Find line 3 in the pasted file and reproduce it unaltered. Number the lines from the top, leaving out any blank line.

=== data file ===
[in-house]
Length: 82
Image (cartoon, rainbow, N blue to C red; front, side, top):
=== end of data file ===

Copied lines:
Image (cartoon, rainbow, N blue to C red; front, side, top):